How long is COVID-19 detectable on surfaces?

(Source: National Institute of Health - March 23, 2020)

According to the Centers for Disease Control, the coronavirus is usually transmitted through respiratory droplets (typically from an infected person sneezing or coughing) rather than through objects, and materials (such as clothes, utensils, and furniture). Hand sanitizers and disinfectants cannot penetrate dirt, so cleaning with soap and water is the most effective means of removing the virus.

COVID-19 is detectable on copper for four hours, cardboard for 24 hours, stainless steel for two to three days, and plastic for up to three days, according to the National Institute of Health.

Natural fiber clothing allows for quicker drying, meaning that respiratory droplets containing the virus will dry faster, reducing the viability of the virus on natural fiber cloth. Polyester and spandex-like material may retain germs for longer since they dry at a slower rate.

There have been no studies to date regarding the viability of the virus on clothing, but the National Institute of Allergy and Infectious Disease predicts that the virus may remain viable on clothing for up to 24 hours.

Shopping or out and about

According to the National Institute of Health, most secondary cases of virus transmission appear to be occurring in community settings rather than healthcare settings.

If at all possible, limit potential exposure to virus by avoiding unnecessary interactions with others and high-traffic areas, such as stores, places of worship, offices, etc.

If a trip to the grocery store, pharmacy, etc. is necessary, protect yourself by avoiding close contact with others (maintain 6ft. distance as much as possible), avoid touching your eyes, nose, and mouth, and bring disinfectant wipes to wipe down any surfaces you may need to touch.

Use alcohol-based hand sanitizer or wash your hands both before entering and after leaving the store.

Once you return home, immediately remove shoes, exterior clothing that may have come into contact with an infected person, wipe down items you have brought in with you with disinfectant wipes (such as keys, phone, etc.), and wash hands for at least 20 seconds with warm, soapy water.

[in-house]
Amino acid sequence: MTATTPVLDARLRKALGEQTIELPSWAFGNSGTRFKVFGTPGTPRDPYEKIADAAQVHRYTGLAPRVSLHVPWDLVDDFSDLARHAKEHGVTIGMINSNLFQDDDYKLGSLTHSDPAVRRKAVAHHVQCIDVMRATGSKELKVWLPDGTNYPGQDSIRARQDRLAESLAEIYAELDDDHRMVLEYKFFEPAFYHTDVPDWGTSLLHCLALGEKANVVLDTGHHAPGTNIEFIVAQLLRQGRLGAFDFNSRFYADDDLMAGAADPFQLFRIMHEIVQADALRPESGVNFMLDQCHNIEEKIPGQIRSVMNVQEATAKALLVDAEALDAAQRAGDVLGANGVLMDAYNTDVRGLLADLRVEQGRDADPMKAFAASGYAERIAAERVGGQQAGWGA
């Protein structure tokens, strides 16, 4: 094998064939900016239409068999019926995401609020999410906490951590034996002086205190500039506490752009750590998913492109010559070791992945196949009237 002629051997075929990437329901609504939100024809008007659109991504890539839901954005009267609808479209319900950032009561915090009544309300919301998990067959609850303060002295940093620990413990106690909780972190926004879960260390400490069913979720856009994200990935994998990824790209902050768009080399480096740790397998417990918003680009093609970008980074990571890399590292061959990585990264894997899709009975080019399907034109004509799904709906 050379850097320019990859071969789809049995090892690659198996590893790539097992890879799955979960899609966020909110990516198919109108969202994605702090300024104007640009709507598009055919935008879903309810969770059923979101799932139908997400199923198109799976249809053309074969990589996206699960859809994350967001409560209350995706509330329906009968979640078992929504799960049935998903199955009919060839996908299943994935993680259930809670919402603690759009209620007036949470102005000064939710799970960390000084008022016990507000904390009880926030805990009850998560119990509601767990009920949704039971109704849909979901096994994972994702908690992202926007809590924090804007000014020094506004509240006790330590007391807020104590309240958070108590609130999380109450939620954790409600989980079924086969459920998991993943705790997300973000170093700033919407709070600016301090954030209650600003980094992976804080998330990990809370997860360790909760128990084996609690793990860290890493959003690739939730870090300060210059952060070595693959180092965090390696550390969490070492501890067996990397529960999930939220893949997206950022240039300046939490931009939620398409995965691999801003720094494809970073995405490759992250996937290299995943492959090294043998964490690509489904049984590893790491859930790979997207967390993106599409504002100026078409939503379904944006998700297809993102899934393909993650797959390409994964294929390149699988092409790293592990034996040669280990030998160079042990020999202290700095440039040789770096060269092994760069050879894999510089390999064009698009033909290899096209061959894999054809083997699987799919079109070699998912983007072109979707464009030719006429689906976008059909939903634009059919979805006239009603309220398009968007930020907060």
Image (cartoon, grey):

At Home

Wash hands with soap for 20 seconds prior to leaving home and immediately upon returning home.

Remove shoes prior to entering your house and remove and wash exterior clothing. Viruses and respiratory droplets can survive up to 24 hours on cloth and leather. Viruses are killed by washing clothing over 80 degrees Fahrenheit, according to current CDC and medical guidelines.

Target “high-touch” surfaces for frequent cleaning with CDC-approved disinfectants. Wipe down doorknobs, switches, mobile phones, and other frequently touched items twice a day with detergent.

If you want to disinfect, clean first, then disinfect with a CDC-approved disinfectant cleaning product. Disposable gloves should be worn while cleaning and wiping in an ‘S’ shaped pattern prevents re-contaminating the surface while cleaning and will ensure that the surface area is well-covered.

If a household member gets sick

Quarantine the sick house member in a separate bedroom or section of the house (ideally with their own bathroom) for 14 days if possible. Contact with others should be minimized and you should increase cleaning of the house to several times a day, especially areas frequented by infected household members.

If possible, clothes and bed sheets – handled with gloves and surgical masks – should be washed more frequently to minimize the risk of transmission.

The clothing and utensils used by an infected person can also spread the virus, so they should be kept separate.

The hottest water possible should be used for all cleaning and washing.

Do NOT take Ibuprofen if you believe you have COVID-19 as its ingredients are believed to worsen the infection. Use Aspirin and Tylenol (acetaminophen based products) instead.

Seek immediate medical attention if you are in a high-risk category and develop symptoms.

Those not at high-risk should stay home and self-isolate. Monitor temperature and drink plenty of fluids. Most people feel better after a week and are no longer contagious 14 days after the onset of symptoms.